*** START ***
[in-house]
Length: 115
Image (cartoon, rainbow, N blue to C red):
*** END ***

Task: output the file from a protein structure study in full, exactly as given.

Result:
[in-house]
Length: 115
Image (cartoon, rainbow, N blue to C red):